I suspect everyone has things about the way they show love/caring for others they love and they hate. I don’t think it’s individual to me. But lately, when I really wish it was easier to lose weight and eat healthy – but comfort food is so reassuring after long stressful days, I really hate how I express love via food the most. And I blame myself for being stupid enough to express love that way, because in the end, I hate myself for being heavy.
What about you?
I am not a morning person. Shamefully not a morning person. If I became Queen of the World, I would institute a new work day that allowed 1pm til 9pm to be perfectly acceptable business hours in any time zone, thank you very much. I would not force everyone to do it, because then banking would still be a pain for most people, among other things.
But I’m serious: if I could sleep the way my body clock thinks it is supposed to sleep, I would not go to bed until about 1 or 2am, and I would probably wake up between 10am and 11am ready to get up. (I would still wake up at least once or twice in the mean time, because my REM sleep seems to cycle to all-the-way-awake lately, which allows for checking on other inhabitants of the house, so that’s fine.)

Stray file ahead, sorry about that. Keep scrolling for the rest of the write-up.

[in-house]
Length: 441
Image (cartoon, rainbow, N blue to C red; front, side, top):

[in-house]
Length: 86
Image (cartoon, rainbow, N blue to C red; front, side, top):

I try not to be horrible about this, but I’m not actually likely to say “good morning” until closer to noon. I will respond to greetings of “good morning” with a neutral “morning” so as not to be horribly rude, unless I know you and know you know me in which case I might say something snarky about proof required for adjective.
Sadly, coffee doesn’t help. Coffee is nice and gives me energy, and if properly treated (usually with creamy sweet chocolate or caramel flavored things), is even quite pleasant, but otherwise it’s just the hot thing with caffeine which makes me feel like I’m maybe focusing a bit better than I was before I started drinking coffee. A nice black tea is about the same, except incrementally more comforting.
My husband is a morning person. He knows I’m not. He knew it before we got married. He even knew it before we moved in together. (I thought it was important.) Sometimes though, he forgets.
This morning, he was particularly chipper and kept rattling off cheerfully about any number of things … but the final straw was when he made a joke. (I think it was really a pun, or just off-color, but I wasn’t awake enough to be more than horrified that he was joking and it was morning!) I looked at him, and I told him quite firmly, “You should leave. Because I want to smack you, and that’s not good. I love you.” He laughed, told me he loved me, and wandered out. This was before my shower, mind you.